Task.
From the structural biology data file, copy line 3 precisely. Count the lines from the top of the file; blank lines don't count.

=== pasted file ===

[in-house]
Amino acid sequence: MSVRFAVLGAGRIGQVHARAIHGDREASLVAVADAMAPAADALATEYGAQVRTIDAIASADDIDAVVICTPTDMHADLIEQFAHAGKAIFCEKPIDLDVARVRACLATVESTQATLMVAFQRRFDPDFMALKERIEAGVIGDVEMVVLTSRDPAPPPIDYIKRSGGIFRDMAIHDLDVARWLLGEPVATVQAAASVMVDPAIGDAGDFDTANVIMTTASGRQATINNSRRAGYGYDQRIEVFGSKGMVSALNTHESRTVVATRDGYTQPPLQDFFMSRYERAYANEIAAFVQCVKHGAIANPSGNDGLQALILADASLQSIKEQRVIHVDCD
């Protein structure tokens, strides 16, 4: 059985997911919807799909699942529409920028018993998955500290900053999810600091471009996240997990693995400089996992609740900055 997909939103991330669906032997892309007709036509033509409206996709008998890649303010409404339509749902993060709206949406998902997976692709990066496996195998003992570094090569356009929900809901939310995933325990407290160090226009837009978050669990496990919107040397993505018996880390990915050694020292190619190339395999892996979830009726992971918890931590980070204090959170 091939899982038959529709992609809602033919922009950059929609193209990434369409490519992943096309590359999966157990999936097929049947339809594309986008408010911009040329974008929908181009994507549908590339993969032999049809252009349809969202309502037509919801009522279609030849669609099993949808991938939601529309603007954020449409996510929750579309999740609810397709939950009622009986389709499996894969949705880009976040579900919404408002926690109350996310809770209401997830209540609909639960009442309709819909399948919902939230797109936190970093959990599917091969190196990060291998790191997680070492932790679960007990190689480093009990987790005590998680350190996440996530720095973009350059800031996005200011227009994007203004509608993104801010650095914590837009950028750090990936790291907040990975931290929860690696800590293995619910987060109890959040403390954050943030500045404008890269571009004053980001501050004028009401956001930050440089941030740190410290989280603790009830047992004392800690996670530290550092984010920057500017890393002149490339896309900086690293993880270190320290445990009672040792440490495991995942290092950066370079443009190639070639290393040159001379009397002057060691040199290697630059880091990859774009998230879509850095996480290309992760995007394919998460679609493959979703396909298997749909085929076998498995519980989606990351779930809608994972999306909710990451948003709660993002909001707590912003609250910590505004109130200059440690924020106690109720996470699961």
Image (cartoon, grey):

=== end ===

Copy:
């Protein structure tokens, strides 16, 4: 059985997911919807799909699942529409920028018993998955500290900053999810600091471009996240997990693995400089996992609740900055 997909939103991330669906032997892309007709036509033509409206996709008998890649303010409404339509749902993060709206949406998902997976692709990066496996195998003992570094090569356009929900809901939310995933325990407290160090226009837009978050669990496990919107040397993505018996880390990915050694020292190619190339395999892996979830009726992971918890931590980070204090959170 091939899982038959529709992609809602033919922009950059929609193209990434369409490519992943096309590359999966157990999936097929049947339809594309986008408010911009040329974008929908181009994507549908590339993969032999049809252009349809969202309502037509919801009522279609030849669609099993949808991938939601529309603007954020449409996510929750579309999740609810397709939950009622009986389709499996894969949705880009976040579900919404408002926690109350996310809770209401997830209540609909639960009442309709819909399948919902939230797109936190970093959990599917091969190196990060291998790191997680070492932790679960007990190689480093009990987790005590998680350190996440996530720095973009350059800031996005200011227009994007203004509608993104801010650095914590837009950028750090990936790291907040990975931290929860690696800590293995619910987060109890959040403390954050943030500045404008890269571009004053980001501050004028009401956001930050440089941030740190410290989280603790009830047992004392800690996670530290550092984010920057500017890393002149490339896309900086690293993880270190320290445990009672040792440490495991995942290092950066370079443009190639070639290393040159001379009397002057060691040199290697630059880091990859774009998230879509850095996480290309992760995007394919998460679609493959979703396909298997749909085929076998498995519980989606990351779930809608994972999306909710990451948003709660993002909001707590912003609250910590505004109130200059440690924020106690109720996470699961």